A veritable rogues gallery of corporate evil-doers. The most surprising name (to me anyway) is Ford Motor Company. I thought Ford had turned a new leaf, and was promoting green ventures? Seems that was only propaganda, and behind the scenes Ford is still dragging their feet, fighting regulation that would tackle global climate change.
Sourcewatch says of CEI
It postures as an advocate of “sound science” in the development of public policy. However, CEI projects dispute the overwhelimng scientific evidence that human induced greenhouse gas emissions are driving climate change. They have a program for “challenging government regulations”, push property rights as a solution to environment problems, opposed US vehicle fuel efficiency standards and been a booster for the drug industry.
CEI belongs to various conservative alliances, including the Alliance for America, Get Government Off Our Backs, Townhall.com, the National Consumer Coalition (a pro-corporate front group headed by Frances B. Smith, the wife of CEI founder Fred Smith), and the Environmental Education Working Group (EEWG), a national umbrella group for organizations working to undermine environmental education in schools. It is linked to the UK-based rightwing thinktank, the International Policy Network, via shared staff and an identical US contact address. It also sponsors several other subsidiary organizations, including:
The Center for Private Conservation, a green-sounding front group that opposes environmental regulations by claiming that “free market” solutions work better.
The Cooler Heads Coalition, chaired by former CEI director Marlo Lewis and directed by Myron Ebell, CEI’s Director of Global Warming and International Environmental Policy. The Cooler Heads Coalition was formed on May 6, 1997, “to dispel the myths of global warming by exposing flawed economic, scientific and risk analysis.” In March 2001, the nonprofit Clean Air Trust named Ebell its “clean air villain of the month,” citing his “ferocious lobbying charge to persuade President Bush to reverse his campaign pledge to control electric utility emissions of carbon dioxide.”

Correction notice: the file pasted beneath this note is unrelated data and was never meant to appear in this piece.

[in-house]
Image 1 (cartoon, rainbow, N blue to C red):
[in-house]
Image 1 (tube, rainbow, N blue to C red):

and this list of funders/enemies of the planet:
CEI does not publish a list of its institutional donors. However, in a CEI report sent to Philip Morris, the think tank identified a range of companies and foundations as having given $10,000 or more.  Contributors included: Aequus Institute
Amoco Foundation, Inc.
Coca-Cola Company, contributions were $25,000 per annum for the period 1991-1995;
E.L. Craig Foundation
Fieldstead and Co.
Ford Motor Company Fund
Curtis and Edith Munson Foundation
Philip Morris Companies, Inc.
Precision Valve Corporation
Alex C. Walker Foundation
In a 2006 profile of CEI and other global warming skeptics, Washington Post reporter Joel Achenbach noted that “the most generous sponsors” of CEI’s 2005 annual dinner were “the Alliance of Automobile Manufacturers, Exxon Mobil, the Pharmaceutical Research and Manufacturers of America, and Pfizer. Other contributors included General Motors, the American Petroleum Institute, the American Plastics Council, the Chlorine Chemistry Council and Arch Coal.”